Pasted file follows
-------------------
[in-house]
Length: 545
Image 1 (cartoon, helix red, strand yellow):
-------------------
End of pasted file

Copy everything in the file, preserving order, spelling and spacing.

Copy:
[in-house]
Length: 545
Image 1 (cartoon, helix red, strand yellow):